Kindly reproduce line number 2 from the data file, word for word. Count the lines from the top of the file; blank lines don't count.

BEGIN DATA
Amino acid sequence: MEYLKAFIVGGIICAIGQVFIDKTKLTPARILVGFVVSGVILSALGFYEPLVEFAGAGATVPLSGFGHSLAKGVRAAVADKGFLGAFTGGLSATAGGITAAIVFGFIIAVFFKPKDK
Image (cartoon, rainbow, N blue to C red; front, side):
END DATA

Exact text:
Image (cartoon, rainbow, N blue to C red; front, side):